Taking into account the average savings per patient observed in our study and the number of patients enrolled in OCT, the estimated global avoided costs in 2018 in our hospital was 1,417,739 euros. Table 4 shows the breakdown of this estimation according to the type of cancer.
Patients enrolment in OCT leads to important cost savings in oncologic treatments. Researches in which medications are provided or refunded by pharmaceutical companies sponsoring them reduces the high economic burden of cancer patients care. This study proves that OCT contributes not only to scientific progress, but also helps to the sustainability of the Public Health System8.
In recent years, several studies analyzing costs avoided in oncological medicines related to patient´s enrollment in clinical trials have been published. Mañes-Sevilla et al.8 in a retrospective study where 37 clinical trials researching drugs for breast cancer in Spain observed that 957,246 euros were saved in three years in which 89 patients were included in OCT. This amount is lower than that obtained in our study, probably because they included only clinical trials in breast cancer, whose patients generate a lower avoided cost than that obtained in other types of cancer.
Uecke et al.9 quantified the avoided costs in medicines in 11 hospitals in Germany over three years. They analyzed 88 clinical trials with oncological drugs in which they found costs savings of 1.5 million euros. Calvin-Lamas et al.10 evaluated the pharmaceutical expenditure savings in prostate cancer medicines as a consequence of patient’s enrollment in clinical investigation. In 18 OCT observed avoided cost of 696,002 euros during a study period of 18 years.
We observed that, in one year, almost one and a half million euros, around ten thousand euros per patient, were saved because of patient´s participation in OCTs in a single hospital. These amounts are consistent with the other studies mentioned above.
Savings in medications associated with clinical trials are expected to increasingly grow in coming years since there are an incremental trend in the number of clinical trials authorized in Spain, mainly in the field of oncology according to data from the Spanish Agency of Medicines6.
As far as we know, published studies are focused in one type of cancer, but there are not available data evaluating costs savings associated with clinical trials where savings comparing different types of cancer in OCTs in the same study. When comparing researches on pharmacotherapies of different cancers, we detected that lung cancer and melanoma clinical trials led to the highest avoiding costs in our center, probably because in both pathologies, the immunotheraphie and oral antineoplastics, which are more expensive drugs, are frequently used as standard treatment in clinical practice.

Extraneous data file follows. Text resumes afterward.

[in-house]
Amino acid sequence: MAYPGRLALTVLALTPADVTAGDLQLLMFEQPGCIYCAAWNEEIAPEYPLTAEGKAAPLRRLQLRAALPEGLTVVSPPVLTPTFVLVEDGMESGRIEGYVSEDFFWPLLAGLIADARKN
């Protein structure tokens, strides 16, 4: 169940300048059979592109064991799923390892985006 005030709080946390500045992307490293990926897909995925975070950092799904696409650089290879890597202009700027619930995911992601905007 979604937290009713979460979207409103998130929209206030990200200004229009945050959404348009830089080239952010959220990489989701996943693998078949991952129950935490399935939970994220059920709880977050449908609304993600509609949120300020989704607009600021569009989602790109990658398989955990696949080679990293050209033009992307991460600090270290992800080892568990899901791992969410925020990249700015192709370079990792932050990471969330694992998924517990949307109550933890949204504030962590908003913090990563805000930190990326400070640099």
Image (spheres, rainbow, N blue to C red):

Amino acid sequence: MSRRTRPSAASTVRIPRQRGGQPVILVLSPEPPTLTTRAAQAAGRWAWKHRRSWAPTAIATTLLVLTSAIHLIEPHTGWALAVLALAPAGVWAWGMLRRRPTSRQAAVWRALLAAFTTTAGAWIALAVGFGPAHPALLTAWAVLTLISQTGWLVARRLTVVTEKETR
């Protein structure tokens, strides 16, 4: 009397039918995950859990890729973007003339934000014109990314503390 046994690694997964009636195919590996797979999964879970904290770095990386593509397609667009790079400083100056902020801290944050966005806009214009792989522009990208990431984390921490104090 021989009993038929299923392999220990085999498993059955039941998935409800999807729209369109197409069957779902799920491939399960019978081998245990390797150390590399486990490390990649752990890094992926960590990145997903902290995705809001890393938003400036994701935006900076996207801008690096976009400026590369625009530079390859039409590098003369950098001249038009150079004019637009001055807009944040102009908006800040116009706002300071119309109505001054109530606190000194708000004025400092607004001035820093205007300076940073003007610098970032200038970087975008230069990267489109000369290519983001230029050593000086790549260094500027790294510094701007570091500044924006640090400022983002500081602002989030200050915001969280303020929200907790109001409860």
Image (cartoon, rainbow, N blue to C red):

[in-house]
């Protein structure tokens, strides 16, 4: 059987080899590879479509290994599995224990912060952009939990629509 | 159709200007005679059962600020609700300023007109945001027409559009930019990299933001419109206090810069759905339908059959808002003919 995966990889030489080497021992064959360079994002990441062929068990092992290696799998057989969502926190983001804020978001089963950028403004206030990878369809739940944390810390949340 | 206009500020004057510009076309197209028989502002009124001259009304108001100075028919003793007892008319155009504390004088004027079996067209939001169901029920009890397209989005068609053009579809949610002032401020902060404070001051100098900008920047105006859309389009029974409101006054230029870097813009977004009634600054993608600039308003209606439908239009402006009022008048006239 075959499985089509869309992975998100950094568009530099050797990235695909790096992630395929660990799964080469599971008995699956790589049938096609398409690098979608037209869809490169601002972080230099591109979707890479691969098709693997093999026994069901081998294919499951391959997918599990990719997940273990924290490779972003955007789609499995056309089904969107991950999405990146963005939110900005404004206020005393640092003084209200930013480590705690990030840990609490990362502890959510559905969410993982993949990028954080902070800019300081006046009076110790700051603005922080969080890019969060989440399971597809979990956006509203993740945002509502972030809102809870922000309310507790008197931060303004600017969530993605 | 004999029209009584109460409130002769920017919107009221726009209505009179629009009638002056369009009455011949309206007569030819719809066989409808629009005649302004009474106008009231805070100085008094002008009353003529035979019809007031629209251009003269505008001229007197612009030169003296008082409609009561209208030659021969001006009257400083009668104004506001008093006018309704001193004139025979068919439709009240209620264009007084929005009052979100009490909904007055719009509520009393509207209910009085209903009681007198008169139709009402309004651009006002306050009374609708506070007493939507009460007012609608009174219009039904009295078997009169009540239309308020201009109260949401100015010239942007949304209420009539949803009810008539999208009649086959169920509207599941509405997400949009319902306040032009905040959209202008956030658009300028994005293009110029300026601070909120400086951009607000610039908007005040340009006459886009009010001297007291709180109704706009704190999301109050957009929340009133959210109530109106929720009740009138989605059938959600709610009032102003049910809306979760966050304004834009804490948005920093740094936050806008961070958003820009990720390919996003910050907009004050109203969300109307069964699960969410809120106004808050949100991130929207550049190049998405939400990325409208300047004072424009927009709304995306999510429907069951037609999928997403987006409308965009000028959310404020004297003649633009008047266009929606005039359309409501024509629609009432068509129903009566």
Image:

Other expenses derived from the participation of patients in OCT have not been taken into account, such as the costs of image and analytical diagnostic tests, personnel costs, hospital stays, associated concomitant medication (antiemetics , antidiarrheals, systemic corticosteroids, colony stimulating factors), although several studies have been published in which it is concluded that these expenses are very similar in patients receiving investigational treatment and those receiving the standard therapy11-13.
There are some limitations of this study. The number of courses corresponding to the same period of time that the patient was receiving treatment within the clinical trial was taken into account, but in most cases we do not know if the patient had reached the same survival and therefore the same duration of treatment in the event of not having participated in that OCT and having been treated with standard therapy.
In order to get external validity of our results, avoided costs were calculated based on official cost in Spain of involved medicines. This way we could compare our results with other hospitals in Spain. However, because of this, savings might be slightly overestimated if there were any discounts offered by the pharmaceutical companies since they were not taken into account.
Nevertheless, it has to be said as well that, OCTs in some cases, could induce prescriptions of new cancer drugs previously investigated in those OCTs when released. When investigational drugs have proved efficacy and safety patients are preferred to continue with the initiated treatments in OCTs. But, once finished the research, these medications are not provided free of charge anymore which increases expenses in cancer drugs after participating in an OCT.
It´s known that patient´s enrollment in OCTs offer the possibility of accessing therapies not yet available, and being able to contribute to scientific progress. In addition to this, our study proves that OCTs can contribute toward a sustainable Public Health System regarding oncologic patient’s pharmacotherapies which are associated with the highest economic impact of cancer care.
Conflict of interests: The authors declare that they do not present a conflict of interest.